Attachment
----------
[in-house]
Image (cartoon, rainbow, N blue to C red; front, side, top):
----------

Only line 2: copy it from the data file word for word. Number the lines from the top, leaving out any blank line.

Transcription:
Image (cartoon, rainbow, N blue to C red; front, side, top):